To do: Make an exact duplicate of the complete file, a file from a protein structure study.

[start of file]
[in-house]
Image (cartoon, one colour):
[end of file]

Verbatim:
[in-house]
Image (cartoon, one colour):